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How You and Your Family Can Plan for the Transition to Long-Term Senior Care

Decisions about long-term care for yourself or for a loved one are never easy. But sooner or later, these decisions will need to be made. And when you are faced with this necessity, things will go more smoothly for all concerned if you’ve planned carefully and had the difficult conversations in advance. So, tempting though it might be to put off worrying about long term care options, consider making a plan and setting a budget well in advance of the time when care will be needed. This will be easier on your finances and less of a strain on familial relationships. And above all, it will reduce stress for the individual facing this major life transition.

What should you talk about when you plan for long-term care?

Getting the conversation started can be the most nerve-wracking part, especially for caregivers concerned about causing anxiety for a senior loved one. Sometimes caregivers may feel guilty or second-guess themselves as they begin the conversation about long-term care options. It’s important to remember that seeking more comprehensive or specialized care for a senior loved one is not a failure on your part. It means you are putting their needs first.

It can be helpful for all parties concerned to discuss what kind of timeline they anticipate before more extensive care will be needed. Are there any health factors that need to be taken into consideration, such as existing ailments or possible hereditary illnesses? What changes can be made now to make a senior family member’s present living situation safer or more comfortable?

Caregivers should respect the needs and the wishes of their senior family members. It’s important to listen when they express worries about their future and to take their lifestyle preferences seriously. Seniors should not be afraid to ask family caregivers to help them do research into what care options are available to them. Some seniors may require only occasional assistance in a more user-friendly residence. But others may need daily attention and medical or memory care.

What financial concerns are associated with transitioning to long-term care?

Making a lifestyle change of this magnitude can be overwhelming. Add the financial concerns associated with moving to long-term care, and it’s clear why this topic can be so fraught for families. This is another reason why it’s important to initiate the conversation well in advance of any move: so you and your family can budget for your long-term care needs.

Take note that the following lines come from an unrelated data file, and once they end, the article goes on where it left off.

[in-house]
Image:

Some cost considerations include medical expenses, the cost of care facilities, and the length of time one anticipates using those facilities. Assess all likely costs you anticipate. Then, look at what finances you have to work with, from savings and retirement or from any sustainable passive income sources. This will help you determine both what you can afford and whether you need to access more funding. Also make sure you have accurate information about what your insurance will or will not cover when it comes to senior care and any additional medical needs. Medicaid and long-term care insurance will cover many services, but some types of insurance will not.

Likely you will already have discussed your plans for your existing home. If you need additional funds to transition to long-term care, selling your home might be a good option, depending on what you are likely to get for it on the current market. Have a realtor take charge of the busy work if you do opt to sell your home so you don’t end up exhausting yourself on organizing showings and keeping up on paperwork.

This can be an emotional time for you and your loved ones, so remember to be gentle with yourselves, respect one another’s needs, and practice self-care when needed. Family caregivers, also make sure your senior loved ones have access to self-care resources. Follow Dr. Vik Ahluwalia’s Health and Wellness Blog if you are interested in learning more about general wellness for you and your loved ones. 

Image via Pixabay

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